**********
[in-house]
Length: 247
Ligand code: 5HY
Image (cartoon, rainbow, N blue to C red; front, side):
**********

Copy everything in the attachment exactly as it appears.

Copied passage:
[in-house]
Length: 247
Ligand code: 5HY
Image (cartoon, rainbow, N blue to C red; front, side):